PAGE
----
By H. D. S. Greenway
Copyright by The Boston Globe
Published: April 24, 2007
BOSTON: When April came to Indochina in 1975, the long war of that generation was coming to a close in chaos and despair. When it came time for "option four," which meant that the only way left out of Saigon was going to be by helicopter from the U.S. Embassy, we saw American Marines furiously chopping down a tree in the chancery garden in order to make room for a landing pad.
The U.S. ambassador had not allowed them to touch the tree before then, which was symbolic to some of the head-in-the-sand attitude that refused to recognize that the war had long been lost.
Hundreds of desperate Vietnamese, who had trusted the Americans, began to gather outside the embassy begging to be let in, to be given a chance to get away.
The mood inside the embassy became despondent. Vietnamese who had served the Americans - people whose status would place them in concentration camps if left behind - were being abandoned all over town. Pathetic telephone messages kept coming in: "There are 30 of us here. Please give us instructions. Please come and get us."
Some Vietnamese who could get close to the chain fence surrounding the embassy stuck frantic notes through the wire. "I work for embassy. Please take me with you."
"Please tell Polgar I am here outside," Polgar being Thomas Polgar, CIA's Saigon station chief.
But many, perhaps most, would be left behind when the last Americans lifted away, bound for the safety of ships in the South China Sea. For a while there would be up country radio messages from Vietnamese employees and agents whom we had abandoned. But they were no longer answered, and in time they stopped.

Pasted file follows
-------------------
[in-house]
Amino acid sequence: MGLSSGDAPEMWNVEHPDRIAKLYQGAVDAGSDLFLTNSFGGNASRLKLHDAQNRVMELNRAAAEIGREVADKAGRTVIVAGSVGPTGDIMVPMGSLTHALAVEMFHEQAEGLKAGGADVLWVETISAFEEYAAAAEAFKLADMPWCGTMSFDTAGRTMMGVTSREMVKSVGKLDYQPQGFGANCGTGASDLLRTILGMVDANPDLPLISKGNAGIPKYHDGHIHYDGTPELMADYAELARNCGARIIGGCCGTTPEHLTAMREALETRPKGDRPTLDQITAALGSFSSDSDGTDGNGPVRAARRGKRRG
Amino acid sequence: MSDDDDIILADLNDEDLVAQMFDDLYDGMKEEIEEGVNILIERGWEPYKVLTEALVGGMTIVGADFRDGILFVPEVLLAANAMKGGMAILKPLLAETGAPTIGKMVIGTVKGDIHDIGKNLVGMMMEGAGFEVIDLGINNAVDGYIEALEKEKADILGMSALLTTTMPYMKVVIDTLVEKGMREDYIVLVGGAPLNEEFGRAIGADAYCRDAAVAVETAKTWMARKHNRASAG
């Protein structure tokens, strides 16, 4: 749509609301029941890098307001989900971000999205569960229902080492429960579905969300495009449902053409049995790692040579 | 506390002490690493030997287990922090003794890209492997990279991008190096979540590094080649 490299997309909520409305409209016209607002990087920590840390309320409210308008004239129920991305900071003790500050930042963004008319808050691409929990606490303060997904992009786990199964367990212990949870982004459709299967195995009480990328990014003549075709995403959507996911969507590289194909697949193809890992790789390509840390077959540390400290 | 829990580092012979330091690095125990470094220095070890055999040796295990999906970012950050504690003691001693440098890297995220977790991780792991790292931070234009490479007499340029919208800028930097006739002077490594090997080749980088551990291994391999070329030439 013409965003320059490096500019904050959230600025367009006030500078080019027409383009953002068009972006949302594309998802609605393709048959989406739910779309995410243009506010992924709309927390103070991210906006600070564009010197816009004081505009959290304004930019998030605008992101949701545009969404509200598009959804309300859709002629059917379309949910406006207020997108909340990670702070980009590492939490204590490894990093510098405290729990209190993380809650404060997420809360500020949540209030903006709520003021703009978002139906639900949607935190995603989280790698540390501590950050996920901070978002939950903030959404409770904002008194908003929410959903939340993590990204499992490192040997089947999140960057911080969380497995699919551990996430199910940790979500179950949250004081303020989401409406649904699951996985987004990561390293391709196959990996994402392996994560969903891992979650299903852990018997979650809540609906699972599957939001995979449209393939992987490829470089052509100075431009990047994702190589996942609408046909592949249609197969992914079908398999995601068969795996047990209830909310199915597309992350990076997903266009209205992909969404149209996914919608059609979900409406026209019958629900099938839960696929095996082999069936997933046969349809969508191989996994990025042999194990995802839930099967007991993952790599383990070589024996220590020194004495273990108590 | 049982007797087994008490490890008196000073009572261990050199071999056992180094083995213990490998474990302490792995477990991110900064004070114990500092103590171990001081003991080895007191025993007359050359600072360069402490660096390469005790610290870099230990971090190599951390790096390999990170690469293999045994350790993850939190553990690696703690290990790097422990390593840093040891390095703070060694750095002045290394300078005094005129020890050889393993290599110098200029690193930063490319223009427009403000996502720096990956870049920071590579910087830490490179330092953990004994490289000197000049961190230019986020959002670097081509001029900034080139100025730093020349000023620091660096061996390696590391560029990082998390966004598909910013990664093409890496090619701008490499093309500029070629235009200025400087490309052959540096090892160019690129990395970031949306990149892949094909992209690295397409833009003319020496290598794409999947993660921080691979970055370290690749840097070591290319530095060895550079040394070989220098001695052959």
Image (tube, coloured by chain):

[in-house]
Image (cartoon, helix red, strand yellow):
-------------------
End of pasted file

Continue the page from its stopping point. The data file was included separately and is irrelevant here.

I learned from George Packer of the New Yorker that a similar betrayal is forming out of the fog of war in Baghdad. Iraqis who threw their lot in with us, many of them interpreters, are being treated as if the United States had no responsibility for them.
Never really trusted by the Americans, despised even by Iraqi government officials and politicians who see them as American lackeys, and excommunicated from normal life outside the Green Zone for being collaborators, they risk instant death when they go home at night, and yet the Americans can find them no room to live in comparative safety inside the zone. Even when they reach other Arab countries they are denied visas and are chastised for "betraying Saddam."
When Iraqis working for the Americans asked the then ambassador, Zalmay Khalilzad, about immigration visas to the United States, he said: "We want the good Iraqi people to stay in the country."
"To admit that Iraqis who work with Americans need to be evacuated would blow a hole in the administration's version of the war," Packer writes in his recent New Yorker article "Betrayal." He blames the "politics of the American project in Iraq, which from the beginning has been conducted under the illusion that controlling the message mattered more than the reality."
The U.S. war in Iraq is unlikely to end as did Saigon in a frantic helo-lift from the Green Zone. It will be more controlled and gradual, I hope. But planning for those Iraqis who have risked all to work with us should be a top priority. Whether you believe that the war is already lost, or can yet be won, it is becoming clear that no matter what faction or factions come to dominate Iraq, Iraqis who worked for the Americans are not going to be regarded as heroes in their own land. If that were ever a possibility outside of Kurdish territory, it is so no longer.
There are efforts, at long last, to create special immigrant visas for U.S. Embassy employees. These efforts should be accelerated and expanded. As a former American Aid official in Fallujah, Kirk Johnson, wrote: "Despite the bubble we built around our 'Emerald City' in Baghdad, any Iraqi . . . works for the Americans at great risk." Working for the embassy can be a "death sentence" if the word gets out.
When Packer went to the Green Zone to interview sources on this issue, he wrote that "embassy officials struck me as decent, overworked people, yet I left the interview with a feeling of shame."
I can sympathize. Three decades later, I have never forgotten that hurried April departure from the embassy in Saigon, and those we left behind. The shame of that day is with me still.
H. D. S. Greenway's column appears regularly in The Boston Globe.